Progarchives, the progressive rock ultimate discography
Pink Floyd - A Momentary Lapse of Reason CD (album) cover

A MOMENTARY LAPSE OF REASON

Pink Floyd

 

Psychedelic/Space Rock

3.07 | 1728 ratings

From Progarchives.com, the ultimate progressive rock music website

aglasshouse
4 stars To start off my new profile, I might as well review one of my favorite prog albums of all time.

When Roger Waters left PINK FLOYD after the dreadful sales of "The Final Cut", Mason and Gilmour were left on their own to produce the next album. During the writing of his 3rd solo album, Gilmour made the decision to actually make it under the PINK FLOYD name. Mason was back on the album, and Wright was brought in as a session musician (for the first time after Waters decided to fire the bloke). Other musicians, such as Carmin Appice, John Carin, and Bob Erzin (who was later known for helping with the production of the album itself) were all on the roster as additional musicians along with some other cool people.

A huge debate over this album is the fact that a "non original member" took over from Waters after he explosively quit the band. Many people say that Mason should have taken over the band, seeing as he was on the wagon from the first album. I think being on the second studio album till present is a spectacular feat, and I would assume that would make you an original member. However, some people disagree with this, and that's okay. It's all about perspective.

As for the musicianship used after Waters left, it's astounding. Sure, cheesy saxophone can increasingly repetitive as the album goes on, but I think Gilmour's fantastic guitar work makes up for that. The heavy guitar solos in such songs as 'On The Turning Away', 'One Slip', and 'Learning to Fly' make me forget all about the sax. As for good moments with the good old brass is in my favorite song, 'Dogs of War', featuring an amazing saxophone solo. True, the sound is slightly out-dated, and hasn't aged very well. With songs like 'Terminal Frost', where the chords might have fit better back in the 70s.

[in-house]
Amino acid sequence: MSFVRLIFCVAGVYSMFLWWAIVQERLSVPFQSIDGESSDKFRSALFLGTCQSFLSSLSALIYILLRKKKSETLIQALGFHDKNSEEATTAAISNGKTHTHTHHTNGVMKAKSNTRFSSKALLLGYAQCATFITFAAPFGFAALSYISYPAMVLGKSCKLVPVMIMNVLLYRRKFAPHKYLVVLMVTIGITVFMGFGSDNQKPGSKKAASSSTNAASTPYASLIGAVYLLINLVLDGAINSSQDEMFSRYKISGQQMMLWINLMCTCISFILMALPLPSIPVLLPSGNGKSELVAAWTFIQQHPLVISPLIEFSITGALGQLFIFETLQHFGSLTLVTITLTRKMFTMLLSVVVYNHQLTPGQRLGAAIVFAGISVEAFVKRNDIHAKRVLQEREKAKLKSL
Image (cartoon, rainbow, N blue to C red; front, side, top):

Another song I would like to tackle is 'A New Machine' Parts 1&2. Whilst alot people see this as blatant filler to make up for creative lax, I think of it as a great experimental track. I always loved that psychedelic, rippling sound in the music that gave it a tone of dreary and dark (except for the nice, strong vocals). Part 2 is less enjoyable, due to it's incredibly short duration compared to part 1. I would have rathered they do something like they did with 'Pigs on the Wing', and make it a whole song when combined together, not some small tidbit of what it could really be.

As for the cons, I don't really have much. As I stated before, the aging of this album is sort of stale and disappointing compared to other albums. My least favorite track has to be 'Signs of Life'. The droning and boring quality reminds me too much of the most likely inspired- from track 'Shine On You Crazy Diamond', which I dislike as well (I hope I don't get hated on for that). It is definitely a weak opener.

Overall, I feel that many people jump on the bandwagon for hating this album instead of listening to it with an open mind, which I encourage you to do with full certainty. You might find yourself liking it.

aglasshouse | 4/5 |

MEMBERS LOGIN ZONE

As a registered member (register here if not), you can post rating/reviews (& edit later), comments reviews and submit new albums.

You are not logged, please complete authentication before continuing (use forum credentials).

Forum user
Forum password

Share this PINK FLOYD review

Social review comments () BETA







Review related links

Copyright Prog Archives, All rights reserved. | Legal Notice | Privacy Policy | Advertise | RSS + syndications

Other sites in the MAC network: JazzMusicArchives.com — jazz music reviews and archives | MetalMusicArchives.com — metal music reviews and archives

Donate monthly and keep PA fast-loading and ad-free forever.